Why did you steer towards a motshwako sound?
For me, motshwako wasn’t a choice, it’s how I developed my talent at [my label] Mawaza studio, which is where I was surrounded by a lot of motshwako rappers. There I learnt how amazing our mother tongue is and how it can tell a story. So I made a transition from an English rapper to a motshwako rapper.
How would you describe motshwako?
It’s a mixture of everything. I would define it as a language that doesn’t define your boundaries.
Can you tell us more about your title, Queen of Street Rap?
In 2014 I was crowned the Queen of Street Rap in Soweto [at a festival held by hip hop event Slaghuis]. It was competition and I battled over 10 female rappers. So now, there’s a documentary being shot about it and I’ll be featuring in it as the Queen of Street Rap.
Cool. And would you mind sharing your thoughts on SA’s rap culture?
The SA hip hop culture and fraternity is developing immensely especially the interest in us female rappers. This is definitely going to be an interesting year for us as it has been labeled as our year. I’ll still be on top of my game and authentic on all levels.
And what about being a female rapper?
I feel that any female rapper could tell you that the rap industry is a male-dominated one. It’s very hard for women in the industry. On the one hand it’s wonderful experience because people anticipate your raps as a woman because you’re something new, especially in South Africa. But on the other hand it’s not easy, because the media platform perceive female rappers in a certain way. And I feel that if you don’t fit into that category then there’s not much exposure for you.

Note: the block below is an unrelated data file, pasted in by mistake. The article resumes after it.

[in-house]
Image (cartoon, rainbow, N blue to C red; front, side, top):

Pretoria-born and bred rapper Rouge is undoubtedly one of the country’s most exciting rappers right now. Her debut single, “Party,” which she released at the end of 2014, reached the number one spot on national radio station 5FM’s hip hop show The Stir Up. The big-haired, punchy lyricist’s latest single, “Mi Corazon,” has also received heavy rotation so far. Having just completed a degree in film and drama, the rapper of Congolese descent says, “I’m 100% focused on my music now. I was lucky that after school everything fell into place. I’ve been releasing a few singles, like ‘Party’ and ‘Mi Corozon,’ but I’m pushing to drop my album at the end of September.”
What do you think of the landscape in SA?
I think it’s fantastic. It’s amazing how hip hop has come into the foreground and it’s an interesting time to be in the hip hop music industry now.
How do you let your South African-Congolese heritage come through in such an American genre?
By the stories that I tell; I’m a storyteller. I don’t like talking about what I don’t know about, and what I do know about is where I come from. So this comes through in my lyrics and the instruments. I love incorporating drums and French, where I can.
What do you think of female rappers on the scene?
I don’t think that we have been delivering in the past. It’s been tough but I think that it’s an opportunity for us to take over. Especially now, it’s the best time to be a female rap artist.
Do you think the structures within the local industry support women in rap?
I don’t think it did before, but now it does. We weren’t delivering before, as I said, therefore I think there weren’t any structures for us. Where as now, I think everyone wants to hear what we have to say. Now we’re trending.